I've often heard it said that our vote honors a veteran.  As we approach this upcoming election, how many of us really think about the men and women who have given their lives so that we can have the priviledge to be able to vote?  I was fortunate, having spent ten years in the U.S. Air Force, that the need to fight a war never came up during my term of service.  But I still am filled with gratitude for those who answered the call and I try to make it a point to vote whenever I can...  out of respect.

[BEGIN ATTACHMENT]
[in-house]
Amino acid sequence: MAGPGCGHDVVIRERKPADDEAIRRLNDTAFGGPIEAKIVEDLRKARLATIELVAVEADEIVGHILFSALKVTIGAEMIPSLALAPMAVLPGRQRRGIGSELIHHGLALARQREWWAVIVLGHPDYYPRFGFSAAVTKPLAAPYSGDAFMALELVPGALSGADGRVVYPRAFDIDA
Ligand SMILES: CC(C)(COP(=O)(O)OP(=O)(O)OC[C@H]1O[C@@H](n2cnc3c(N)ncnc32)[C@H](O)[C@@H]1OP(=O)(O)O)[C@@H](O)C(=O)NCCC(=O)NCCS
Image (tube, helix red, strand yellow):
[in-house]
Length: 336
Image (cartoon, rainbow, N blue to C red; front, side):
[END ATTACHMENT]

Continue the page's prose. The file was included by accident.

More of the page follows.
Many people find it a bother to vote, particularly in the bigger elections like the one approaching in two weeks.  With The Office of The President of the United States on the ballet, the lines will be long and some will balk at the time investment required.  Will their one vote even matter in the long run?  I know here in Kansas, many people believe it is pointless to vote in presidential elections since the Kansas electoral votes always go to the Republican candidate.  You know that before the election even begins.  Presidential candidates don't even campaign in Kansas and many folks see no point in the whole affair.